In a “historic crossover,” the costs of solar photovoltaic systems have declined to the point where they are lower than the rising projected costs of new nuclear plants.
NC WARN in the News
A few of the news articles citing NC WARN
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NC WARN issued a report this morning that contends that electricity from solar power already is cheaper than electricity generated by new nuclear and will be cheaper still in the future.
By Bruce Henderson A dozen anti-nuclear groups said Wednesday they have found new flaws in a nuclear reactor design that Duke Energy and Raleigh’s Progress Energy plan to use. The groups said federal regulators should stop licensing work for the Westinghouse AP1000 reactor, 14 of which are planned for use …
Economist and former Duke University professor John Blackburn testified on behalf of the N.C. Waste Awareness and Reduction Network. He presented a proposal in which he contends Duke and Progress could shut down essentially all of their coal plants by 2029. And he said they would not need to build nuclear plants to replace the coal-burning operations.
As a state that depends heavily on coal-fired power, North Carolina currently dumps more climate-disrupting carbon dioxide pollution into the environment from burning fossil fuels than 186 nations.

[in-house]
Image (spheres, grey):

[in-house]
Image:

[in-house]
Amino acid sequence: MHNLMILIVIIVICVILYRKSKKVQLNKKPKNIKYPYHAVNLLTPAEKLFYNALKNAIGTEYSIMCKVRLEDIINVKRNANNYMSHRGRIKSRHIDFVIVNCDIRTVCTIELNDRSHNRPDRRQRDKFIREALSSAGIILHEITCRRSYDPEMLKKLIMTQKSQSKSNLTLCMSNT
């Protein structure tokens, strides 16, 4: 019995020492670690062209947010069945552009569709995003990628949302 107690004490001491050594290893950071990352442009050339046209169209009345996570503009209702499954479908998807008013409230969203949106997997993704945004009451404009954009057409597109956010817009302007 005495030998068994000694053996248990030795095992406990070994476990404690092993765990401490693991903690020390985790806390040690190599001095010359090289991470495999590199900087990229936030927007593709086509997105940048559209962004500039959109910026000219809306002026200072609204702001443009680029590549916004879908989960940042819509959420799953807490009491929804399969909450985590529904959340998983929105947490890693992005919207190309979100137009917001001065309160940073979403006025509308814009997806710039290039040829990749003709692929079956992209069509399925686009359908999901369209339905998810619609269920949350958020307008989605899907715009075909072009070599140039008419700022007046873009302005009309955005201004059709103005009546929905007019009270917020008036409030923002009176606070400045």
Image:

N.C. Waste Awareness and Reduction Network, a Durham group that opposes nuclear power and coal-burning power plants, warned Monday that the planet could become uninhabitable for humans if we don’t put a lid on greenhouse gas emissions.
How necessary is nuclear power? Renewable energy, including solar, wind and hydroelectric, can provide all but 6% of North Carolina’s electricity, finds a new Duke University study. “Critics of renewable power point out that solar and wind sources are intermittent. The truth is that solar and wind are complementary in …
Thanks to the many of you who contacted us regarding the Independent Weekly’s late 2009 article about Shearon Harris. Many of you remember this five-year campaign, and as several noted, the nuclear waste shipments have ended. The following letter appears in the current edition of the paper. (You can see …
Instead of risking $35 billion on new plants, there is a better, cheaper and more secure way to handle North Carolina’s energy needs.